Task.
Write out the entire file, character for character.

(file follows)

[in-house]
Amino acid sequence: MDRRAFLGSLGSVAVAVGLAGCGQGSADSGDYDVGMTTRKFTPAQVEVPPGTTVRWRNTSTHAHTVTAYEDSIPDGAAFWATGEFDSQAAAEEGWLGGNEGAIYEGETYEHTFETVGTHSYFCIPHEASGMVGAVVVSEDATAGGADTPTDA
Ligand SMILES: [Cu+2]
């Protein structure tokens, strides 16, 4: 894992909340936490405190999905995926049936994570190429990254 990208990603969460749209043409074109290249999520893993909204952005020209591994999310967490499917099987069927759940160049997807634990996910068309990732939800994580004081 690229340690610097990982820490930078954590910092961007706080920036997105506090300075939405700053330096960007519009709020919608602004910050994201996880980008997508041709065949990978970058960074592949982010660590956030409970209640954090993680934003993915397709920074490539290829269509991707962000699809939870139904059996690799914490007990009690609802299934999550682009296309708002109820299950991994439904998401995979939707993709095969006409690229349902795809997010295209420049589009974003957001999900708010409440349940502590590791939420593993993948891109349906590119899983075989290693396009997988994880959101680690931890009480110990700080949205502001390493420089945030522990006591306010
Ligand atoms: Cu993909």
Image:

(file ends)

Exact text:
[in-house]
Amino acid sequence: MDRRAFLGSLGSVAVAVGLAGCGQGSADSGDYDVGMTTRKFTPAQVEVPPGTTVRWRNTSTHAHTVTAYEDSIPDGAAFWATGEFDSQAAAEEGWLGGNEGAIYEGETYEHTFETVGTHSYFCIPHEASGMVGAVVVSEDATAGGADTPTDA
Ligand SMILES: [Cu+2]
């Protein structure tokens, strides 16, 4: 894992909340936490405190999905995926049936994570190429990254 990208990603969460749209043409074109290249999520893993909204952005020209591994999310967490499917099987069927759940160049997807634990996910068309990732939800994580004081 690229340690610097990982820490930078954590910092961007706080920036997105506090300075939405700053330096960007519009709020919608602004910050994201996880980008997508041709065949990978970058960074592949982010660590956030409970209640954090993680934003993915397709920074490539290829269509991707962000699809939870139904059996690799914490007990009690609802299934999550682009296309708002109820299950991994439904998401995979939707993709095969006409690229349902795809997010295209420049589009974003957001999900708010409440349940502590590791939420593993993948891109349906590119899983075989290693396009997988994880959101680690931890009480110990700080949205502001390493420089945030522990006591306010
Ligand atoms: Cu993909």
Image: